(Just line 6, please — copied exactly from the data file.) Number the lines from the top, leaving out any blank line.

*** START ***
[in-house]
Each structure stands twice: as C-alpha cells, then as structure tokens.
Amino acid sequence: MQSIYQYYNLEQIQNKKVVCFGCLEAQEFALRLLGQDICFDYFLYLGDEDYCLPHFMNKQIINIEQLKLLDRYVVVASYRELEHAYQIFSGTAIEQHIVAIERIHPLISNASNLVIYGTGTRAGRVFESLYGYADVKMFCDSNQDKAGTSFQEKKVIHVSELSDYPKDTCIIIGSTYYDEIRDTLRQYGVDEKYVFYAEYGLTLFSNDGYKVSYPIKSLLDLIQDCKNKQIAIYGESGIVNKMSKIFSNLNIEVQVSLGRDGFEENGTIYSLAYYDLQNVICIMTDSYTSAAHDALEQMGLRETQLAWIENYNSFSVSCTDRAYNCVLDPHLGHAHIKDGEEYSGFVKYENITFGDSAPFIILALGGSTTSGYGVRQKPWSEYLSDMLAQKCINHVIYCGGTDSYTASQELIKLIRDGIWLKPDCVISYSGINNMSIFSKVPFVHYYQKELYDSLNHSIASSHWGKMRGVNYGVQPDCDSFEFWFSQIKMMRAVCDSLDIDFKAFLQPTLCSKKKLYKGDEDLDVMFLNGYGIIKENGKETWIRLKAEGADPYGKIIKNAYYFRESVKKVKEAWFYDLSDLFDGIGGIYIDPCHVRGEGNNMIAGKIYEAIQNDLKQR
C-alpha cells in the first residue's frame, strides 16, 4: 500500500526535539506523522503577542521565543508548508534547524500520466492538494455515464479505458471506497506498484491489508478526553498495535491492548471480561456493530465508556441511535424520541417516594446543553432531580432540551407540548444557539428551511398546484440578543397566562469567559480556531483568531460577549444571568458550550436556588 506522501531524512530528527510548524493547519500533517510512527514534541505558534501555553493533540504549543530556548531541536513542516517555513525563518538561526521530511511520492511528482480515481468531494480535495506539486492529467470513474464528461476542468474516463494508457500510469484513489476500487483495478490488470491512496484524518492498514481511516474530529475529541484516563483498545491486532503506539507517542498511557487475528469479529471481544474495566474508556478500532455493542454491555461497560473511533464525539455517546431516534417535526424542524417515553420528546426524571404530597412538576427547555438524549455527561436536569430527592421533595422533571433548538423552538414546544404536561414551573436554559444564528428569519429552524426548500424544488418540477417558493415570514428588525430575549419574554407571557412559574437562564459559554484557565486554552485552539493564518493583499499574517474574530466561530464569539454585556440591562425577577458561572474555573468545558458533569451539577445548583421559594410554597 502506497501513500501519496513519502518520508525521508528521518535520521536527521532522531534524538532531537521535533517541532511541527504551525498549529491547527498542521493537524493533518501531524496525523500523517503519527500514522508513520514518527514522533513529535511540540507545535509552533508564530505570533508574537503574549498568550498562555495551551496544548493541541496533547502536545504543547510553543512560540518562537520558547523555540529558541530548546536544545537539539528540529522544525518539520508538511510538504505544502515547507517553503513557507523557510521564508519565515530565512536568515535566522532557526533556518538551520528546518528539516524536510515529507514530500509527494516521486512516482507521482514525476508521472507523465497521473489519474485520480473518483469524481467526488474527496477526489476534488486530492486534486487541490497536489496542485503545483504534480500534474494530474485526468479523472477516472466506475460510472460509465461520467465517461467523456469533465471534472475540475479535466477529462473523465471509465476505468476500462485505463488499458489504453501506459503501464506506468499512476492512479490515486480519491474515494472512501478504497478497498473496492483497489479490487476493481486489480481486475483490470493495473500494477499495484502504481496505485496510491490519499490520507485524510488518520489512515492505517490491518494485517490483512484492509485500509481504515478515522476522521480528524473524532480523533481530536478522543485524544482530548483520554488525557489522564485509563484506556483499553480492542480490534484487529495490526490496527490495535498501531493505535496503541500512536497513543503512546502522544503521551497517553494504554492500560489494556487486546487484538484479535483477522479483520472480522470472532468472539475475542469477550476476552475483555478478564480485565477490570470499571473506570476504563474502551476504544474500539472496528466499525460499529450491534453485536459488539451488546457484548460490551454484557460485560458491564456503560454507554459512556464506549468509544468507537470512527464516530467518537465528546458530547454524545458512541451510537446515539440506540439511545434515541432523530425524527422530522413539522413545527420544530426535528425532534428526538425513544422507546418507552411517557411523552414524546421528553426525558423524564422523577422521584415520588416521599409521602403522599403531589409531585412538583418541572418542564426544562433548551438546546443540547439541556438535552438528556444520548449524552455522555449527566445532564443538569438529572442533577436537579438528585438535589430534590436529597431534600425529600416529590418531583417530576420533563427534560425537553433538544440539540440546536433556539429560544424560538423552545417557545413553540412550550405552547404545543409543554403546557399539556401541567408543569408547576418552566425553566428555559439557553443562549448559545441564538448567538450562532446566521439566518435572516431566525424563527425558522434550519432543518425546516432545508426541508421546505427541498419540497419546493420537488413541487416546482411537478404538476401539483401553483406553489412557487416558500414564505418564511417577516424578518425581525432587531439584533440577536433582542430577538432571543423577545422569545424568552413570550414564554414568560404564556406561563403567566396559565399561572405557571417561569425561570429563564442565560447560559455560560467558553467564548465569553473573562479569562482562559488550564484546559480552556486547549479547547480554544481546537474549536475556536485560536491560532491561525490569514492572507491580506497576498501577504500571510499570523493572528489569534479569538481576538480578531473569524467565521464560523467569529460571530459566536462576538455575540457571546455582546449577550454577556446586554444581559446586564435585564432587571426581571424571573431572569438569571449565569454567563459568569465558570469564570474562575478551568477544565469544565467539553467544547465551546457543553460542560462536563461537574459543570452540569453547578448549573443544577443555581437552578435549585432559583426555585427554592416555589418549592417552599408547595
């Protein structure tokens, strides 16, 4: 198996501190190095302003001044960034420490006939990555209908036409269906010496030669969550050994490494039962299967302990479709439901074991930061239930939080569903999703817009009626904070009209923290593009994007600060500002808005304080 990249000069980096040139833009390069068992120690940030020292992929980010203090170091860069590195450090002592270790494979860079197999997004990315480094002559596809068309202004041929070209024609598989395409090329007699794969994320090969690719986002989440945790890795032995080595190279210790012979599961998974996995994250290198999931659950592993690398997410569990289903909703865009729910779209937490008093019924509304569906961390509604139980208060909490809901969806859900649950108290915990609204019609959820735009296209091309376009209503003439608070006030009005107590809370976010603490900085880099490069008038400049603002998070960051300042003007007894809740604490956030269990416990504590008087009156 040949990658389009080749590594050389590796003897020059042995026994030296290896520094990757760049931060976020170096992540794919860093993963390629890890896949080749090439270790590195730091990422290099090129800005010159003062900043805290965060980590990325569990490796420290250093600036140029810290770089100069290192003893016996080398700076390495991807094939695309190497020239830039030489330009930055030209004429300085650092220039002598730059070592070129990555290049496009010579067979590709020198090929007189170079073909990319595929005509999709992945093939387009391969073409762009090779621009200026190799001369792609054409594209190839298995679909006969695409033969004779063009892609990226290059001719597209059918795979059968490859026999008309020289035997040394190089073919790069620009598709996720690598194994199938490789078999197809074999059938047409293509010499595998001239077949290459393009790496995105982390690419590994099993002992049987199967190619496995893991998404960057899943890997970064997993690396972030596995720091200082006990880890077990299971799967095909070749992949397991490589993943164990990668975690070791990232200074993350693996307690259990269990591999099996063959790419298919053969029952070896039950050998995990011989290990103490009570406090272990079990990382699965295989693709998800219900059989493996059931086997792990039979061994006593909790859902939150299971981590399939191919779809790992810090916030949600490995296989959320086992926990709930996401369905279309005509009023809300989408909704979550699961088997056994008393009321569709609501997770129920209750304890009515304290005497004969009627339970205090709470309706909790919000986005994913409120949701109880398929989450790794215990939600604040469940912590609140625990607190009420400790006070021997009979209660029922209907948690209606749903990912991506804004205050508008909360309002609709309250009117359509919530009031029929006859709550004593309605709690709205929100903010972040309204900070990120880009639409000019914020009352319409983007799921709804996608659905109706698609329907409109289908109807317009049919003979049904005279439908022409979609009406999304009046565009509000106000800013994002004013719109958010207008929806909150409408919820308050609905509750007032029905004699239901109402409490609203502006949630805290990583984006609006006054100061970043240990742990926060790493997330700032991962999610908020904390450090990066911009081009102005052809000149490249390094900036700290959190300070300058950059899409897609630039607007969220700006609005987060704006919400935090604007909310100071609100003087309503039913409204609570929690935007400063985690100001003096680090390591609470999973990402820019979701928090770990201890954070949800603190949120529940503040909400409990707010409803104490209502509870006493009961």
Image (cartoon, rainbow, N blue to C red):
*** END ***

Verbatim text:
Image (cartoon, rainbow, N blue to C red):